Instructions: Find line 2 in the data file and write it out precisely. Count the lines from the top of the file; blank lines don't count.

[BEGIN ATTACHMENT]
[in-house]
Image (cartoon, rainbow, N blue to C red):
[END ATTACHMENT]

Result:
Image (cartoon, rainbow, N blue to C red):